The Bruins goalie left the crease and got tangled up with defenseman Zdeno Chara early in overtime of Game 2 of the Stanley Cup Finals on Saturday night, allowing the Vancouver Canucks to score just 11 seconds into the extra period and win 3-2.
But Julien wasn't ready to blame the goalie who is a finalist for this season's Vezina Trophy, an award Thomas also won in 2009.
"We are here right now because of his contribution, which has been really good. For us to be sitting here having to answer those kind of questions is ridiculous to me," Julien said after the Bruins returned to Boston on Sunday. "He's won a Vezina Trophy already. He's probably going to win one this year -- in my mind anyway -- for what he's done."
Thomas led the NHL with a 2.00 goals-against average and a .938 save percentage as he bounced back from a hip injury that cost him his starting job last year. He had a career-high nine shutouts in the regular season, and two more in the Eastern Conference finals against the Tampa Bay Lightning.
But he also likes to come far out of the crease to cut down shooting angles, and in Game 2 he was burned when Alex Burrows pulled him out and went around him, then around the back of the net before scoring on a wraparound in overtime.
"He's got his own style, and I don't think anything is wrong with it," Chara said. "It's been really successful for him. As we all know, he's probably one of the best, if not the best, goaltender in the league. So I don't see why we should change the way we play ... or he should change the way he plays."
Julien wouldn't name names, but he said the fault wasn't all on Thomas or Chara.
"He made some unbelievable saves to keep us in the game," the coach said. "So if we want to focus on that last goal, which I think a lot of other players could have done a better job, I think it's focusing on the wrong thing."
And Thomas isn't going to change his style now.
"I have a pretty good idea of how to play goalie," he said, breaking into a smile. "I'm not going to be taking suggestions or advice at this time. I'm just going to keep playing the way I have."
Public enemy No. 1
There's no doubt who will be the focus of the Boston fans' ire when the series resumes in Boston for Game 3 on Monday night.
As if that weren't bad enough, Burrows had two goals and an assist in Game 2, scoring the game-winner just 11 seconds into overtime for the 3-2 victory that gave Vancouver a 2-0 lead in the best-of-seven series.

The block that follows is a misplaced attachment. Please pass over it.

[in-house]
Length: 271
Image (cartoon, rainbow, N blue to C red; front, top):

So he shouldn't expect a warm welcome from the Boston fans.
"Once you're on the ice, I don't think you're going to be thinking about what they're shouting about," Canucks forward Henrik Sedin said. "A lot of the people are focusing on the wrong things with him. If they want to focus on that with him, I think we're happy with that."
Burrows had 26 goals and 22 assists in the regular season, with nine goals and eight assists in the playoffs. Canucks coach Alain Vignault said he expects the Boston crowd to be loud, befitting an Original Six city.
And he doesn't worry about Burrows' reaction.
"I expect him to respond the way he's done all throughout the year, and how he did last night," Vignault said. "He's going to focus on what he needs to do on the ice. He's going to play the same way, which is very intense, physical. He's a great hockey player."
For Canucks backup goaltender Cory Schneider, the trip to Boston for Games 3 and 4 is a homecoming. But the 25-year-old rookie, who grew up in nearby Marblehead and played three seasons at Boston College, is not worried about any mixed loyalties from friends and family.
"They have a lot more allegiance to me than the Bruins," Schneider said.
Schneider admitted growing up a Bruins fan, but quickly downplayed No.1 goalie Roberto Luongo's fears he might wear a Boston hat on the Canucks bench.
"I've got a couple Red Sox hats in my arsenal but I'll probably tuck those away for the playoffs," Schneider said. "Of course I was a Bruins fan growing up. They were the closest team and we had tickets so I went to about four or five games a year. I grew up watching those guys, they were my childhood team."
Schneider has some familiarity with the TD Garden. He played in the building for the Beanpot and Hockey East tournaments while at BC.
The temporary gray walls of the media section on ice level at the TD Garden -- think cubicles for a very large office -- have been decorated with giant pictures of players carrying the Stanley Cup.
Among them is Ray Bourque, the former Bruins captain who finally gave up on winning it all in Boston and accepted a trade to the Colorado Avalanche in the 1999-2000 season. Bourque played the last 14 games that season with the Avalanche, then re-signed for one last try the next season and finally won his only NHL championship.
Bourque, inducted into the Hockey Hall of Fame in 2004, brought the Cup back to Boston for a rally at City Hall Plaza that was attended by long-suffering Bruins fans waiting since 1972 to see it held up by one of their own.
That was the last time the Cup appeared in Boston, at least publicly.
Hamhuis on trip
Top Vancouver defenseman Dan Hamhuis, who missed his first game of the playoffs after getting hurt midway through Game 1 while delivering a check, made the trip to Boston with the team.
Hamhuis had six goals and 17 assists and a plus-minus of 29 that was third-best on the team. He had one goal and five assists in Vancouver's first 19 playoff games.
British Columbia Premier Christy Clark is scheduled to relight the Olympic cauldron in downtown Vancouver two hours before Games 3 and 4. Former Canucks goalie Richard Brodeur, who led the team to the Stanley Cup Finals in 1982, and Vancouver Mayor Gregor Robertson are also planning to take part. ... The Canucks will open Rogers Arena so fans can watch Games 3 and 4.